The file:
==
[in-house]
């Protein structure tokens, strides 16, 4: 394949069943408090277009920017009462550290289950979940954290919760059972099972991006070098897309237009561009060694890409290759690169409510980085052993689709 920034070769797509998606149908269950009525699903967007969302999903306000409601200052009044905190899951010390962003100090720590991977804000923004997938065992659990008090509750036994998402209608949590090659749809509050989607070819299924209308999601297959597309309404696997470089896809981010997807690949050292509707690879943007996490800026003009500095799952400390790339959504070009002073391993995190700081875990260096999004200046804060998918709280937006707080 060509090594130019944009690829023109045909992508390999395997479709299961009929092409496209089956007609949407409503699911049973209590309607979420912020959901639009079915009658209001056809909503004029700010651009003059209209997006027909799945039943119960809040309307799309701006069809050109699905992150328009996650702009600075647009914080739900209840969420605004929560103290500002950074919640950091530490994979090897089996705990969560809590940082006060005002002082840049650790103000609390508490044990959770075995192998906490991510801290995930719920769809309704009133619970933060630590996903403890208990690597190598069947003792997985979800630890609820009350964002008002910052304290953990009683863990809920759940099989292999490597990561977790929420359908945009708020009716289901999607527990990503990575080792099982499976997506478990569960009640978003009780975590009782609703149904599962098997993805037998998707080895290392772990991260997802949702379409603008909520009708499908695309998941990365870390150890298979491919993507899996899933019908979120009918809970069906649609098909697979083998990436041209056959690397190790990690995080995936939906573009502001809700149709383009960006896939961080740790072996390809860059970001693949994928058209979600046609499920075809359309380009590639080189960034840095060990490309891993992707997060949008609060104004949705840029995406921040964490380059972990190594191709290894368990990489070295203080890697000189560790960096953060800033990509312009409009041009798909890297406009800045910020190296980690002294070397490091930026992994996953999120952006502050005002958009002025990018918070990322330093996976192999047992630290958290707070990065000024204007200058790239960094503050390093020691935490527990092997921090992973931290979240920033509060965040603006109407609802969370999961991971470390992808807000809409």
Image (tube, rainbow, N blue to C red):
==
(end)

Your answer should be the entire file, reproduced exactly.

[in-house]
């Protein structure tokens, strides 16, 4: 394949069943408090277009920017009462550290289950979940954290919760059972099972991006070098897309237009561009060694890409290759690169409510980085052993689709 920034070769797509998606149908269950009525699903967007969302999903306000409601200052009044905190899951010390962003100090720590991977804000923004997938065992659990008090509750036994998402209608949590090659749809509050989607070819299924209308999601297959597309309404696997470089896809981010997807690949050292509707690879943007996490800026003009500095799952400390790339959504070009002073391993995190700081875990260096999004200046804060998918709280937006707080 060509090594130019944009690829023109045909992508390999395997479709299961009929092409496209089956007609949407409503699911049973209590309607979420912020959901639009079915009658209001056809909503004029700010651009003059209209997006027909799945039943119960809040309307799309701006069809050109699905992150328009996650702009600075647009914080739900209840969420605004929560103290500002950074919640950091530490994979090897089996705990969560809590940082006060005002002082840049650790103000609390508490044990959770075995192998906490991510801290995930719920769809309704009133619970933060630590996903403890208990690597190598069947003792997985979800630890609820009350964002008002910052304290953990009683863990809920759940099989292999490597990561977790929420359908945009708020009716289901999607527990990503990575080792099982499976997506478990569960009640978003009780975590009782609703149904599962098997993805037998998707080895290392772990991260997802949702379409603008909520009708499908695309998941990365870390150890298979491919993507899996899933019908979120009918809970069906649609098909697979083998990436041209056959690397190790990690995080995936939906573009502001809700149709383009960006896939961080740790072996390809860059970001693949994928058209979600046609499920075809359309380009590639080189960034840095060990490309891993992707997060949008609060104004949705840029995406921040964490380059972990190594191709290894368990990489070295203080890697000189560790960096953060800033990509312009409009041009798909890297406009800045910020190296980690002294070397490091930026992994996953999120952006502050005002958009002025990018918070990322330093996976192999047992630290958290707070990065000024204007200058790239960094503050390093020691935490527990092997921090992973931290979240920033509060965040603006109407609802969370999961991971470390992808807000809409």
Image (tube, rainbow, N blue to C red):